Robin Hood: a Brief History

Denise, today’s guest reviewer, is a librarian and avid reader.  This is post is based on research she conducted for her undergraduate thesis.

At the very beginning of the Robin Hood tradition, we have – well, no one really knows for sure. What we do know is that the stories of Robin Hood were being circulated by word of mouth to a very large audience before they were ever written down. There is an old Robin Hood proverb that states, “Many men speak of Robin Hood, who never drew his bow” – and I think it is just as true now as it probably was back then. Everyone knows something of the legendary hero, regardless of their level of familiarity with the “actual” character, through the stories or through interaction with the real person. Yes, there are some who believe that Robin Hood the man actually existed and have dedicated their lives to trying to figure out who he was. I’m guessing that, since this is a read-along, most of you will be more interested in the literary Robin Hood though, and so that history is the one on which I’ll focus for the rest of this post.

What are recognized as current staples to the narrative of the Robin Hood story is really a collection of attributes that has built up over the years. Today’s Hood is an outlaw known to live in Sherwood Forest, with his band of merry men, stealing from the rich to give to the poor. His archery skills are unsurpassed and, along with them, he uses his wit and cunning to survive and fight against the corruption of local authority, while remaining loyal to the ultimate authority, usually the King. His story is often set during the reign of King Richard the Lion-Heart and the Lady, Marian, has become Hood’s love interest, often forsaking her own noble upbringing to join Hood in the forest. While some of these characteristics can be traced all the way back to the original ballads – like the fact that he is an expert archer and fights corruption while remaining loyal to the King – many of them were added later, most notably the historical setting in the drama of King Richard’s reign and Marian’s very existence in the story, as well as her ever-changing role in it. One of the most shocking characteristics that cannot be traced back to the original ballads, however, is the charity that is the modern trademark of Robin Hood. There is very little in the original ballads to suggest that Robin Hood specifically robbed the rich to give to the poor (Knight 1). In the early ballads, Hood is a thief, to be sure, but much of what he stole went to supporting his small band of followers and himself, helping others solely at his discretion – rich and poor alike.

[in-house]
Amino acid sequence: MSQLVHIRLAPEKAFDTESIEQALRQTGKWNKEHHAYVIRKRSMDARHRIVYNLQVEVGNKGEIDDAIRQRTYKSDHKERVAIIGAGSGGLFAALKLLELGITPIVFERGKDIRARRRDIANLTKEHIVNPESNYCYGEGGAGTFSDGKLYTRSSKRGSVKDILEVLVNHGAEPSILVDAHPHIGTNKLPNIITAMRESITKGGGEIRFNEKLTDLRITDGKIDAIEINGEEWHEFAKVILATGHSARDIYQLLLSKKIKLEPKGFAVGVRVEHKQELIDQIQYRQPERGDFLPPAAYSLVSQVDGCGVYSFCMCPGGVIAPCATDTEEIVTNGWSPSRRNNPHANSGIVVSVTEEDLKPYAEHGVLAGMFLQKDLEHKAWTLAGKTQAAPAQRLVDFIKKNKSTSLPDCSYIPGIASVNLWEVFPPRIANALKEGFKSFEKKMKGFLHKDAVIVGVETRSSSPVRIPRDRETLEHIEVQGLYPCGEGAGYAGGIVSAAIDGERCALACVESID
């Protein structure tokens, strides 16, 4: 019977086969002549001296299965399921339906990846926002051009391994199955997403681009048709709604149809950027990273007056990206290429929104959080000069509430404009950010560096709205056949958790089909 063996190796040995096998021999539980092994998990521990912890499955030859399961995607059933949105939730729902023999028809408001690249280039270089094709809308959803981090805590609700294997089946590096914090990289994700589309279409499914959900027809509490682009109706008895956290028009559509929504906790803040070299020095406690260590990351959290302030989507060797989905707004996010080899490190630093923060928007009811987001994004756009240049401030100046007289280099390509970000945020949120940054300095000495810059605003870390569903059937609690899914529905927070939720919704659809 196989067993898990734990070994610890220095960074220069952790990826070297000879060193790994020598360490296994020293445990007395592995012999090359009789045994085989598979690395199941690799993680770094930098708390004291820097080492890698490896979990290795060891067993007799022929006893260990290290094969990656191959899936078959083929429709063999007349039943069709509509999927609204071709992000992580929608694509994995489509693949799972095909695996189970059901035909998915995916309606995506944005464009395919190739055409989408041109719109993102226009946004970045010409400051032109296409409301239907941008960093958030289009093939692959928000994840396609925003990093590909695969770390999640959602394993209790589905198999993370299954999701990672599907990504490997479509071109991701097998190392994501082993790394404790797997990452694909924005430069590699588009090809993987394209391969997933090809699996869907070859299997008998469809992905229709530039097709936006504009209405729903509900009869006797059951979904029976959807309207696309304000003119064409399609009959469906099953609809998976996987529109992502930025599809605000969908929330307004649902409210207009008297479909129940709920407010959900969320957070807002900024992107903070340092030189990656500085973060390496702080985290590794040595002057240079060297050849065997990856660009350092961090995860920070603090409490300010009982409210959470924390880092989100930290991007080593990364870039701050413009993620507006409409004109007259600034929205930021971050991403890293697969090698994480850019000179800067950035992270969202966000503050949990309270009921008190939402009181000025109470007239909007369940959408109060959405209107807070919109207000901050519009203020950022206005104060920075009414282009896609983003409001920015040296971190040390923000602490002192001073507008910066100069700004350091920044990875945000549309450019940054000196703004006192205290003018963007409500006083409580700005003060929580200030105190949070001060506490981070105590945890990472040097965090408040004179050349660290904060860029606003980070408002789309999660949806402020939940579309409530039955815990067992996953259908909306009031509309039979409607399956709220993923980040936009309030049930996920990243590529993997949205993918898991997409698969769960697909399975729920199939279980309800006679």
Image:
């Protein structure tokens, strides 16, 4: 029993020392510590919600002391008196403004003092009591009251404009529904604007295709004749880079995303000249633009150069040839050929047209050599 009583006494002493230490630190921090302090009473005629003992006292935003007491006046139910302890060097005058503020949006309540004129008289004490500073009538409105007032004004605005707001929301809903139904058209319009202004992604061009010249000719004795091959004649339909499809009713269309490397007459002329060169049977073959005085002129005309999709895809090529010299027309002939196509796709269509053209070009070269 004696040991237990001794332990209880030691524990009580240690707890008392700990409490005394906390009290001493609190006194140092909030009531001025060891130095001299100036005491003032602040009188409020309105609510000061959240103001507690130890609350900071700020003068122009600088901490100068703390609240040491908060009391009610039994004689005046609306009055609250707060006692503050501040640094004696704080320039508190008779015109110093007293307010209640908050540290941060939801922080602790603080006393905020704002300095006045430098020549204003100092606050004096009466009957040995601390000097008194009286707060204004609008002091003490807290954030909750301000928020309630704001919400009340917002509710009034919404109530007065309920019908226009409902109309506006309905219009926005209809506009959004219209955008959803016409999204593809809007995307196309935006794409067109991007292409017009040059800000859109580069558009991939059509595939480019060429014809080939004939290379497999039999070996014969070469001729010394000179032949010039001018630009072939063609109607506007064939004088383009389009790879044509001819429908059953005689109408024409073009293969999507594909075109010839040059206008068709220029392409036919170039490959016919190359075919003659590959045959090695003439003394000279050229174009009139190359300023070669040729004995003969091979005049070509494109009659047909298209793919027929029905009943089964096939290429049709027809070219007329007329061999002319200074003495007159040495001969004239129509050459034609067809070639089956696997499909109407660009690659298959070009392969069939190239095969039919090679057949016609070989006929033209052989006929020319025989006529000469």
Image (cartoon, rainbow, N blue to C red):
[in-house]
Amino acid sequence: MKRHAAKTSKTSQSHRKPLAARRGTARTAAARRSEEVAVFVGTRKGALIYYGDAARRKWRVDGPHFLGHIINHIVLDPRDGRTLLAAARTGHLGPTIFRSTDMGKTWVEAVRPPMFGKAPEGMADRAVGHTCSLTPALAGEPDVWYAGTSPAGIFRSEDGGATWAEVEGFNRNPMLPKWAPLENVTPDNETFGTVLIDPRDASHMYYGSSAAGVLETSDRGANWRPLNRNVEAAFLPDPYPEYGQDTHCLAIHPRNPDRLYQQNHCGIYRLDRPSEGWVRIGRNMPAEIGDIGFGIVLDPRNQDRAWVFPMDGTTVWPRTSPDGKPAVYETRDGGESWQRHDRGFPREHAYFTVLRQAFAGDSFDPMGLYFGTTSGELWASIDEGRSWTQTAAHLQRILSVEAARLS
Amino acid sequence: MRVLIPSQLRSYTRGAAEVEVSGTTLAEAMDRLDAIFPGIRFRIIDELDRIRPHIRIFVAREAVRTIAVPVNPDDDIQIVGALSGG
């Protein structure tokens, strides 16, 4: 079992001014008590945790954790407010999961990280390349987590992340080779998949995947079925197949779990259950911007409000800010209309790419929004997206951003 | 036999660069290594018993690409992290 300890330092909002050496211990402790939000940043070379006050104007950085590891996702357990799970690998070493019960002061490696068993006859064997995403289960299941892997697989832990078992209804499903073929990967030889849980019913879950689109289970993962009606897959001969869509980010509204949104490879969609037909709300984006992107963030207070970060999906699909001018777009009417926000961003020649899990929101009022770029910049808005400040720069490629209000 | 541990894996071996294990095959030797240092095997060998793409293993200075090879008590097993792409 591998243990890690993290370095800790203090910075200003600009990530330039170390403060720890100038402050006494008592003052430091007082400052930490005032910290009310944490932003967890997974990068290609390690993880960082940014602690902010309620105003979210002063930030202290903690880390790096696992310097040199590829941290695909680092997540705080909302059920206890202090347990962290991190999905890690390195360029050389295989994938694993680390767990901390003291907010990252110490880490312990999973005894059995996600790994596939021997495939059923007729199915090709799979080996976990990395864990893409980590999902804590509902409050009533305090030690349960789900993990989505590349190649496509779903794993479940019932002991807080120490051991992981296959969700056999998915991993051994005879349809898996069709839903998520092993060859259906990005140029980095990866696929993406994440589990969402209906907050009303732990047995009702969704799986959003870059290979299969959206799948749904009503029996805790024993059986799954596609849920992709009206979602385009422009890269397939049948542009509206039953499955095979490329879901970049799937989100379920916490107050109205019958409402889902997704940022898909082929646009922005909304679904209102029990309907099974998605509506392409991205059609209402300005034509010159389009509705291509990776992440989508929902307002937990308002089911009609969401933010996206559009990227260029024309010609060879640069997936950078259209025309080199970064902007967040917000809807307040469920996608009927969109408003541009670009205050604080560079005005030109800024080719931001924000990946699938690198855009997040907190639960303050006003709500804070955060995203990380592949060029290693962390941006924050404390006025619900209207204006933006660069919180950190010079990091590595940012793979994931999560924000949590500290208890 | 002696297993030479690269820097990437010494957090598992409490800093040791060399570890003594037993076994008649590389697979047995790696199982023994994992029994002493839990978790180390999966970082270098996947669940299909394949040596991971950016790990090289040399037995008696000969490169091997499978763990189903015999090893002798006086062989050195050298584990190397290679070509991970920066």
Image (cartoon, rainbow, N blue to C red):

The narrative of the events of the life of Robin Hood – and the character that he is – has been presented in many different forms over the years. In Medieval times, ballads were the presentation of choice; during the Renaissance, playwrights like Anthony Munday took up his tale. In more recent years, novelists, like Howard Pyle and Stephen Lawhead, and film producers have seen the potential in his story. In fact, the story of Robin Hood has survived largely on creative retellings. Stephen Knight was one of the first scholars who really began to study Robin Hood in an academic context, and when he started in the 1970s, he found the available criticism to be rather lacking (Knight xvi). And, as a side note, if you are interested in the longer story, I highly recommend his book Robin Hood: a Mythic Biography.  Much of my own knowledge of the tradition, outside of specific works, comes from there.